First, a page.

Kamala Harris helps galvanize Bill Nelson at black churches
Bill Nelson and Kamala Harris.

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California Sen. Kamala Harris stumped in Miami today for her Florida colleague, Sen. Bill Nelson. The Democratic senators visited worshippers in four black churches in an effort to galvanize the vote.

“It’s wonderful to be here this morning, this Sunday morning, and particularly, in support of my colleague and my friend Bill Nelson,” said Harris during a stop at the Second Baptist Church.

The pair also visited with congregations at Sweet Home Missionary Baptist Church, Bethel Church and Covenant Missionary Baptist Church.

Nelson remains locked in the tightest re-election battle of his Senate career, against Republican two-term Gov. Rick Scott. The RealClearPolitics polling index right now shows with less than a 3-point average lead in the polls.

“The stakes could not be higher,” Harris said. “What you do in Florida is going to impact the rest of the country.”

Harris, the second black women ever elected to the U.S. Senate, comes to South Florida as rumors swirl the freshman senator may challenge President Donald Trump in 2020.

But the visit also comes days after a Plantation man allegedly sent a makeshift bomb to her and other Democratic leaders and Trump critics.

The circumstance made certain comments to congregations ring with new resonance.

“Our vote is our voice,” Harris said.  “Let’s have truth-tellers who will be courageous.”

Just two years into her term in the Senate, Harris said she felt a particular connection to Nelson, largely because the Florida leader delivered one of the first speeches she heard in the Senate after her arrival. Nelson, at the time speaking in opposition to Attorney General Jeff Sessions’ confirmation, criticized years of voter suppression efforts.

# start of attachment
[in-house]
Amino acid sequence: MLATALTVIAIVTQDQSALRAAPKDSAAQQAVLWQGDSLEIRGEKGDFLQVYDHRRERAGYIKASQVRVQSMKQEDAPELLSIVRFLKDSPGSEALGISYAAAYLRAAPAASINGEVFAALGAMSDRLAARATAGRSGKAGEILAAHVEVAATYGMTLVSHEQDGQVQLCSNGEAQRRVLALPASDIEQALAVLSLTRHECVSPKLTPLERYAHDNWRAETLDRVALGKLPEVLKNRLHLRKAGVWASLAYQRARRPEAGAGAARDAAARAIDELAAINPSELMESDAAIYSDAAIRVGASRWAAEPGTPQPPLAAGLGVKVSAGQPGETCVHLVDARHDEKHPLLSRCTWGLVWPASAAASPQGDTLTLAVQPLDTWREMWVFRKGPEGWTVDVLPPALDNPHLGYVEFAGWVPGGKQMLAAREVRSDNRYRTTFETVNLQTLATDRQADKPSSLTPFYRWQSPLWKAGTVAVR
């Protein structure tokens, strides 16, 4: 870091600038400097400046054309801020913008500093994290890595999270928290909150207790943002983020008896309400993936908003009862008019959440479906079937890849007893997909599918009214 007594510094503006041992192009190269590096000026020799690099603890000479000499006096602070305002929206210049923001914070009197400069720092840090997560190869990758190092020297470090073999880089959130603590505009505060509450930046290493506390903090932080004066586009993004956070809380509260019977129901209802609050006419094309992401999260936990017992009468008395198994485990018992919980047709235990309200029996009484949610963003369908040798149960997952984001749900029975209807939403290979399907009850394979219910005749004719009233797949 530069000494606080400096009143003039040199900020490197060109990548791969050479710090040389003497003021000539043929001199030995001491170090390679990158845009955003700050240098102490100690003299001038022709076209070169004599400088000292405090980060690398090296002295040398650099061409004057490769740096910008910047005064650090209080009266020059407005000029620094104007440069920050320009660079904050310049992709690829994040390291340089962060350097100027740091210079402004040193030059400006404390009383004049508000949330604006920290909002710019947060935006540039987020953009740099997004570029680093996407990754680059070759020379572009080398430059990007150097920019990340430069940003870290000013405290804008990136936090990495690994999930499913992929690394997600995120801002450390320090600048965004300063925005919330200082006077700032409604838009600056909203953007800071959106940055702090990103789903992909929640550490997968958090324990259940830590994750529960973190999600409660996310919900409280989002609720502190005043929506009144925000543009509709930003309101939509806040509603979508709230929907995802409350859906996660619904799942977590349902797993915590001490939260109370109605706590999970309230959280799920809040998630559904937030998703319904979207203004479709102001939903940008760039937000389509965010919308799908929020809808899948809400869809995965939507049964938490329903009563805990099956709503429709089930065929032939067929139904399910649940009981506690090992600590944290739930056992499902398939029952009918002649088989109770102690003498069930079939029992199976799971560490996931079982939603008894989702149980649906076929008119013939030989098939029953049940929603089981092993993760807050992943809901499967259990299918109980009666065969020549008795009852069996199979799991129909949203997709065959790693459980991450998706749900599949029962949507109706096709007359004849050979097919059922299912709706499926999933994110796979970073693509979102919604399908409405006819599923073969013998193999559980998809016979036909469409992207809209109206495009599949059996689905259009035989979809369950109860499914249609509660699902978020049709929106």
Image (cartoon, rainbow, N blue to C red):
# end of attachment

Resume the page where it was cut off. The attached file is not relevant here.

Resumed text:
Speaking to predominantly black church-goers today, Nelson again raised the specter of rules that could disproportionate impact minority citizens’ right to vote.

“Don’t we owe to all our children the right to possess themselves if this is to be a truly free and fair democracy?” Nelson asked.

“I believe that two of the most fundamental rights in our democracy are the right to vote and the right to know who you are voting for and the right to have the confidence that that vote is going to be counted as you intended.”

Nelson and Harris also attended a private Sarasota fundraiser together on Saturday evening.


Jacob Ogles

Jacob Ogles has covered politics in Florida since 2000 for regional outlets including SRQ Magazine in Sarasota, The News-Press in Fort Myers and The Daily Commercial in Leesburg. His work has appeared nationally in The Advocate, Wired and other publications. Events like SRQ’s Where The Votes Are workshops made Ogles one of Southwest Florida’s most respected political analysts, and outlets like WWSB ABC 7 and WSRQ Sarasota have featured his insights. He can be reached at [email protected].


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